astronomy

Leaving Earth: Timelapse of Moving Away from Earth

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From NASA

Explanation: What it would look like to leave planet Earth? Such an event was recorded visually in great detail by the MESSENGER spacecraft as it swung back past the Earth, eight years ago, on its way in toward the planet Mercury. Earth can be seen rotating in this time-lapse video, as it recedes into the distance. The sunlit half of Earth is so bright that background stars are not visible. The robotic MESSENGER spacecraft is now in orbit around Mercury and has recently concluded the first complete map of the surface. On occasion, MESSENGER has continued to peer back at its home world. MESSENGER is one of the few things created on the Earth that has left and will never return -- at the end of its mission MESSENGER will be crashed into Mercury's surface. 

5 - Our Planets

Lovely animation by Pablo Maximiliano of our planets.

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5 - The Earth - Overview Effect

The original Blue Marble photo (to the right) is 40 years old now. I find it and this video extremely moving and oddly comforting.


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1 - Carl Sagan's Pale Blue Dot in Animation

"From this distant vantage point, the Earth might not seem of any particular interest. But for us, it’s different. Consider again that dot. That’s here. That’s home. That’s us. On it everyone you love, everyone you know, everyone you ever heard of, every human being who ever was, lived out their lives."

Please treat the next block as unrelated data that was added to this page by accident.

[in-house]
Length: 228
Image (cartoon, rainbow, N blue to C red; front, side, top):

A remarkable animation by studio ORDER. 


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3 - Timelapse of the Australian Solar Eclipse

Australia had a solar eclipse last month. Photographer Colin Legg made this outstanding timelapse of it.

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Timelapse Map
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3 - The Known Universe

From the American Museum of Natural History:

"The Known Universe takes viewers from the Himalayas through our atmosphere and the inky black of space to the afterglow of the Big Bang. Every star, planet, and quasar seen in the film is possible because of the world's most complete four-dimensional map of the universe, the Digital Universe Atlas that is maintained and updated by astrophysicists at the American Museum of Natural History. The new film, created by the Museum, is part of an exhibition, Visions of the Cosmos: From the Milky Ocean to an Evolving Universe, at the Rubin Museum of Art in Manhattan through May 2010. "

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